The Legal Effects of Canadian Federal Courts’ Constitutional Judgments


Does a Federal Court of Appeal or Federal Court judgment on a constitutional issue apply only to the parties to the case or can it extend as a precedent applicable to subsequent cases in parallel Canadian jurisdictions? In other words, beyond the purview of the principles of stare decisis and res judicata, are the effects of those courts’ constitutional rulings inter partes or erga omnes? The answer to this question will shape the conduct of public authorities and private actors, the deference accorded by other Canadian courts towards the Federal Courts’ constitutional rulings, and, ultimately, institutional respect within the community. Little guidance can be found in the Constitution Acts, 1867-1982, the provisions of which are compatible with both erga omnes and inter partes views. Normative considerations regarding the Federal Courts’ expertise, the efficiency of the dispute resolution process, as well as legal uniformity across Canada, do not clearly favour one view over the other either. As for provincial statutory courts, it has been held that their rulings produce inter partes effects only given the provincial superior courts’ distinct nature, including their characteristic inherent jurisdiction. However, vis-à-vis the Federal Courts, the resort to the criterion of inherent jurisdiction fails to reproduce this contrast. In the circumstances, the clearest answer is probably offered by judicial practice and statements over the years, to the extent that Canadian judges have generally assumed the constitutional holdings of the Federal Courts to be erga omnes.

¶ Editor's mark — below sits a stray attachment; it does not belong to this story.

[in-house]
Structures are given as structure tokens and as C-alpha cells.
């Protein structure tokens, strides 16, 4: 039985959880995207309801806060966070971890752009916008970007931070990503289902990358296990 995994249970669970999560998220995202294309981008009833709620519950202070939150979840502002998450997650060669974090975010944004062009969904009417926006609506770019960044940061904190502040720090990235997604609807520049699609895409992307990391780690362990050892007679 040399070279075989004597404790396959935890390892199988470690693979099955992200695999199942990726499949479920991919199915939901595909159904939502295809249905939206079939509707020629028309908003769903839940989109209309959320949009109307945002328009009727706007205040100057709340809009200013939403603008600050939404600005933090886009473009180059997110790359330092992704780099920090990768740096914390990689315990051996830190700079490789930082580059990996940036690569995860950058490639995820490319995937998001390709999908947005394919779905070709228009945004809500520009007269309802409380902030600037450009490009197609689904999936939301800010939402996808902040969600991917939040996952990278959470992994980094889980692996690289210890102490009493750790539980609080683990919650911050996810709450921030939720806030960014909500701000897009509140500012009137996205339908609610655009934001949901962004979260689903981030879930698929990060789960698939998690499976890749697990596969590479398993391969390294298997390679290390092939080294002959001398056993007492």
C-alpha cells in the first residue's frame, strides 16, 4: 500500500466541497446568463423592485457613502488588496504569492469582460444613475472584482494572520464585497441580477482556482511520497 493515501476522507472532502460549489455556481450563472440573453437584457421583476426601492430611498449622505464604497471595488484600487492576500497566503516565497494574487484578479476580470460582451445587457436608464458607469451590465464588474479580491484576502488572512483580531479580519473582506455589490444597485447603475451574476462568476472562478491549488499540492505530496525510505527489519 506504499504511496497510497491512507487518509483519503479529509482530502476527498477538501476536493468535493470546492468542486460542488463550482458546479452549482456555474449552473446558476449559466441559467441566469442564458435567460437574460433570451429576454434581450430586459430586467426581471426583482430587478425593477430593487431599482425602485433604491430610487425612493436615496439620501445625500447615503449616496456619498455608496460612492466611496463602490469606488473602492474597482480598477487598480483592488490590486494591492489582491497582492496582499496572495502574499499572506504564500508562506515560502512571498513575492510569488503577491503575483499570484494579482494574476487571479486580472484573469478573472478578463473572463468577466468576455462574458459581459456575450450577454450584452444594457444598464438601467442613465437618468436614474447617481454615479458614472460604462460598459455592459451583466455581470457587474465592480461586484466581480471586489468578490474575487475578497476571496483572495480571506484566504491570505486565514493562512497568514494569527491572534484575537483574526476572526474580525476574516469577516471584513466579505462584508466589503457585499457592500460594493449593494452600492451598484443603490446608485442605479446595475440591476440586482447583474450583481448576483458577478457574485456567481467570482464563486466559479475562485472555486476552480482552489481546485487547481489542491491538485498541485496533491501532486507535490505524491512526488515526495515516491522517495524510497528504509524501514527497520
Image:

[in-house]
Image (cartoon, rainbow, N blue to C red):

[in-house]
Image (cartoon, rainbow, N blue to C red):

This content has been updated on 22 December 2018 at 17 h 48 min.